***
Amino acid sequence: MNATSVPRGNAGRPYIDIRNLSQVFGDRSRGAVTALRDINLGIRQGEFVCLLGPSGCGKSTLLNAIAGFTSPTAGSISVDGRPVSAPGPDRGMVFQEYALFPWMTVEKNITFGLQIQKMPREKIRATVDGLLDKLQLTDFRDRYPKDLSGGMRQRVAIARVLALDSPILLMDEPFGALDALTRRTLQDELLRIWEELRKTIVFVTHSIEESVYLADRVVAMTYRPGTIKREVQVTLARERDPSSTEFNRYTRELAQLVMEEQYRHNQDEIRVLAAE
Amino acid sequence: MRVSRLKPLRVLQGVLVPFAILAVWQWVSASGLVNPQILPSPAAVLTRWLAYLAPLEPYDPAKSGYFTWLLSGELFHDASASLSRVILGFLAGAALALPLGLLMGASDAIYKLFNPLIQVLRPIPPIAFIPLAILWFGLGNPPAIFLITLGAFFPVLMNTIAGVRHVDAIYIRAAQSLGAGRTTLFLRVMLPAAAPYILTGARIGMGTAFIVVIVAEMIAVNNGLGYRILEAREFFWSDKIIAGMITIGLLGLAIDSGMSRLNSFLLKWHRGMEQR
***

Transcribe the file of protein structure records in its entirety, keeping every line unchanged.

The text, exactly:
Amino acid sequence: MNATSVPRGNAGRPYIDIRNLSQVFGDRSRGAVTALRDINLGIRQGEFVCLLGPSGCGKSTLLNAIAGFTSPTAGSISVDGRPVSAPGPDRGMVFQEYALFPWMTVEKNITFGLQIQKMPREKIRATVDGLLDKLQLTDFRDRYPKDLSGGMRQRVAIARVLALDSPILLMDEPFGALDALTRRTLQDELLRIWEELRKTIVFVTHSIEESVYLADRVVAMTYRPGTIKREVQVTLARERDPSSTEFNRYTRELAQLVMEEQYRHNQDEIRVLAAE
Amino acid sequence: MRVSRLKPLRVLQGVLVPFAILAVWQWVSASGLVNPQILPSPAAVLTRWLAYLAPLEPYDPAKSGYFTWLLSGELFHDASASLSRVILGFLAGAALALPLGLLMGASDAIYKLFNPLIQVLRPIPPIAFIPLAILWFGLGNPPAIFLITLGAFFPVLMNTIAGVRHVDAIYIRAAQSLGAGRTTLFLRVMLPAAAPYILTGARIGMGTAFIVVIVAEMIAVNNGLGYRILEAREFFWSDKIIAGMITIGLLGLAIDSGMSRLNSFLLKWHRGMEQR